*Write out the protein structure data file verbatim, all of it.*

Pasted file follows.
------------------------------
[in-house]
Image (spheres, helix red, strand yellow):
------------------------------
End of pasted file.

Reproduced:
[in-house]
Image (spheres, helix red, strand yellow):